2.    Ali M, Englert D, Sharma N, Jain N. An unexpected silver lining to Katrina: Elimination of inter-campus transfer delay in STEMI care. J La State Med Soc. 2012;164(4):216-218.
3.    Armbruster PC, Strother EA, Ballard RW, Hagan JL. Application data as an indicator for post-Katrina recovery of LSU postdoctoral dental programs. J Dent Educ. 2011;75(6):768-774.
4.    Barkemeyer BM. NICU care in the aftermath of hurricane Katrina: 5 years of changes. Pediatrics. 2011;128S8-S11.
5.    Bertrand JT, Dudas E, Goldin MB, Fontenot C. Providing healthcare to New Orleans’ heart and soul: The musicians. Arts Health. 2014;6(2):176-183.
6.    Brown JS, Cherry KE, Marks LD, Jackson EM, Volaufova J, Lefante C, Jazwinski SM. After hurricanes Katrina and Rita: Gender differences in health and religiosity in middle-aged and older adults. Health Care Woman Int. 2010;31(11):997-1012.
7.    Calderon-Abbo J. The long road home: Rebuilding public inpatient psychiatric services in post-Katrina New Orleans. Psychiatr Serv. 2008;59(3):304-309.
8.    Chauvin SW, DiCarlo RP, Lopez FA, Delcarpio JB, Hilton CW. In for the long haul: Sustaining and rebuilding educational operations after hurricane Katrina. Fam Commun Health. 2008;31(1):54-70.
9.    Cieslak R, Benight C, Schmidt N, Luszczynska A, Curtin E, Clark RA, Kissinger P. Predicting posttraumatic growth among hurricane Katrina survivors living with HIV: The role of self-efficacy, social support, and PTSD symptoms. Anxiety Stress Coping. 2009;22(4):449-463.
10.    Danna D, Bernard M, Jones J, Mathews P. Improvements in disaster planning and directions for nursing management. J Nurs Adm. 2009;39(10):423-431.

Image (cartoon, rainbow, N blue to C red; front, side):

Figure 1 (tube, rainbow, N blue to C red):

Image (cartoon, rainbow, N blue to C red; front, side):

11.    deBoisblanc BP. Humanism: The legacy of hurricane Katrina. Am J Med Sci. 2006;332(5):298-300.
12.    Geisz-Everson MA, Bennett MJ, Dodd-McCue D, Biddle C. Disrupted by disaster: Shared experiences of student registered nurse anesthetists affected by hurricane Katrina. J Psychosoc Nurs Ment Health Serv. 2012;50(1):32-38.
13.    Giarratano G, Harville EW, de Mendoza VB, Savage J, Parent CM. Healthy start: Description of a safety net for perinatal support during disaster recovery. Matern Child Health J. 2014;19(4):819-2.
14.    Goenjian HA, Chiu ES, Alexander ME, Hilaire HS, Moses M. Incidence of cleft pathology in greater New Orleans before and after hurricane Katrina. Cleft Palate-Craniofac J. 2011;48(6):757-761.
15.    Hansel TC, Osofsky JD, Osofsky HJ, Friedrich P. The effect of long-term relocation on child and adolescent survivors of hurricane Katrina. J Trauma Stress. 2013;26(5):613-620.
16.    Loehn B, Pou AM, Nuss DW, Tenney J, McWhorter A, Dileo M, Kakade AC, Walvekar RR. Factors affecting access to head and neck cancer care after a natural disaster: A post-hurricane Katrina survey. Head Neck. 2011;33(1):37-44.
17.    Lopez FA. Almost five years later. Hurricane Katrina, New Orleans health care, and the Louisiana State University Health Sciences Center. Pharos Alpha Omega Alpha Honor Med Soc. 2010;73(3):8-11.
18.    Osofsky HJ, Osofsky JD, Arey J, Kronenberg ME, Hansel T, Many M. Hurricane Katrina’s first responders: The struggle to protect and serve in the aftermath of the disaster. Disaster Med Public Health Prep. 2011;5 Suppl 2S214-9.
19.    Rigby PG, Nelson S, Hilton C, Moerschbaecher J, Hollier L. The proportionate renewal of physician supply: Annual kinetics expressed by a simple formula. J La State Med Soc. 2010;162(2):104-109.
20.    Robinson WT, Wendell D, Gruber D, Foxhood J, Scalco MB, Zapata A. Estimating the return of persons living with HIV/Aids to New Orleans: Methods for conducting disease surveillance in the wake of a natural disaster. Am J Public Health. 2008;98(4):666-668.